New technology developed at Northwestern University has the potential for broad application in the detection of terrorist activities such as missile attacks on U.S. troops. Scientists at the Center for Quantum Devices (CQD) have demonstrated, for the first time, uncooled infrared imaging using type-II superlattice technology. This significant development could lead to smaller, faster and less expensive hand-held infrared imaging devices.
High-speed infrared (IR) imagers are capable of sensing thermal profiles of missiles and other objects that emit heat above that of the background. These devices also have potential in medical applications where excessive heating or cooling in the body can indicate trouble, such as inflammation, circulation issues or even cancerous tissue.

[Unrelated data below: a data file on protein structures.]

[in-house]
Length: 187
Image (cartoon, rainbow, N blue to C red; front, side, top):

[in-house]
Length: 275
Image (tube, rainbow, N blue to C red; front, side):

"For most practical applications, high-speed operation with handheld portability is especially important," said CQD director Manijeh Razeghi, who led the research team. "Uncooled imagers are capable of handheld operation, which is critical in situations with soldiers on the battlefield or with firefighters in a smoke-filled environment. Cooled sensors, on the other hand, typically utilize liquid nitrogen for cooling to minus 200 degrees Celsius, making the sensors expensive and bulky."
Megan Fellman | EurekAlert!
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